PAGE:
There are other policies at issue besides austerity – regulation of the banks, for one – but it would be nice if there was a clear distinction that a country with its own currency can ignore bad economics and help their people. That’s not really the election we have.

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About David Dayen

David is a contributing writer to He has been writing about politics since 2004. He spent three years writing for the FireDogLake News Desk; he’s also written for The New Republic, The American Prospect, The Guardian (UK), The Huffington Post, The Washington Monthly, Alternet, Democracy Journal and Pacific Standard, as well as multiple well-trafficked progressive blogs and websites. His has been a guest on MSNBC, CNN, Aljazeera, Russia Today, NPR, Pacifica Radio and Air America Radio. He has contributed to two anthology books, one about the Wisconsin labor uprising and another on the fight against the Stop Online Piracy Act in Congress. Prior to writing about politics he worked for two decades as a television producer and editor. You can follow him on Twitter at @ddayen.


    1. EoinW

      It’s never good news so long as the political(pseudo-democratic) system remains intact.

  1. vlade

    sorry, calling SNP economically literate is just wrong. look at their policies of holding the pound (without central bank – sort of like being in EUR but without even th small bit of having a national CB that is a part of ECB) oil predictions etc.

    in theory, there may be someone in SNP who is economically literate, but the image they project publicly isn’t better than fairy stories about austerity – it’s just different fairy stories (because the elctorate wants to hear fairy stories, and don’t want to hear say that independant Scotland would have to do away with pound etc),

    Simply put, there is no economically literate party in the uk, and I doubt anywhere. but you know what? that means the populace is not economically literate, because the parties we get are the parties we deserve.

    1. PlutoniumKun

      The SNP policy on the pound is not economic – I’m sure they are perfectly aware Scotland would be better off with a weaker currency. Its a matter of politics and practicality. There is no realistic political/constitutional settlement in the short term which would allow Scotland to create its own currency – and it is highly unlikely that they could join the Euro (even if the Euro survives).

      1. vlade

        I don’t disagree, but then it’s not really different than Labour going for “austerity”. You tell voters what you expect they want to hear. And in general parties got pretty good at knowing what the voters want to hear – they (the parties) usually start with telling them (voters) what they (voters) want to hear, so it’s a pretty safe bet.

        1. Oregoncharles

          Yeah, that’s why both major parties are down around 30% – in VOTES, not just loyalty.

          You see the same numbers here, but in loyalty (in Polls), not votes. Yet. Americans mostly just vote “no” by not voting. Why would they?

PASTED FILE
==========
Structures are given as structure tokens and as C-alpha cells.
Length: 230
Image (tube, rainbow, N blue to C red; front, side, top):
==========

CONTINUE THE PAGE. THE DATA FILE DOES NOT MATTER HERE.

1. vlade

          Ah, really victims?
          I could, possibly, consider someone who was very active in say OWS (or Tea Party before it become fully coopted, to get both sides of spectrum) as a victim, although even there I’d have some reservations.

          But in the latest presidential elections, both Democrats and Republicans got about quarter of all eligible voters, and an almost half didn’t even bother to turn up. Yes, yes, I know, there wasn’t anyone to vote for. But whose fault is that? Just re-read the post above, on how UK elections changed from a nearly 100 years of two-horse race into a multiple horse-race – virtually overnight. It was done (even in the US), it will be done, it can be done – but people have to get off their butts and do it, and not wait and complain that there’s no-one to vote for and they are victims of the politicians. It’s easy to believe in saviours ala Obama (or Rand Paul if you’re the other side of the spectrum), but they are rarely what anyone expects them to be – unless there’s a mass of people behind them that do the actually nitty gritty stuff.

          Real democracy gives you back what you and others put in. You put in nothing, you get nothing and stuff can even be take from you. It’s not a free lunch. Unfortunately, it’s often presented so, because that is what makes the masses easier to control, as they want to sit down and want for a saviour that does deliver the free lunch. If austerity is economic faith healing, democracy w/o real grass roots is a political one – even delivered to you via a telly.

          1. hunkerdown

            People show up just fine when there are important initiatives on the ballot. Maybe, if we dispensed with the Great Chain of Being and Oligarch Beauty Pageant, and the concept that everyone must have a manager, and thus dispensed with (nominally, at best) representative government altogether, more people would have a reason to show up.

            Any particular reason you’re so married to the workplace model of civic engagement?

    2. Schofield

      You are spot on with your comments. It’s really just a matter of waiting for the “dark ages” to return now in the Western world as the NeoCons push relentlessly towards it!